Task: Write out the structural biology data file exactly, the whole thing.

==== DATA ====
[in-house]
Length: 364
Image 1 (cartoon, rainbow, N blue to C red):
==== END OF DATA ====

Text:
[in-house]
Length: 364
Image 1 (cartoon, rainbow, N blue to C red):